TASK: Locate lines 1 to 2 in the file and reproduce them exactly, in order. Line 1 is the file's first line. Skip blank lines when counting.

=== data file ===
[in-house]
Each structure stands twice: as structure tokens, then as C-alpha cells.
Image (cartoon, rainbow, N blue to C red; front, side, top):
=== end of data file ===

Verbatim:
[in-house]
Each structure stands twice: as structure tokens, then as C-alpha cells.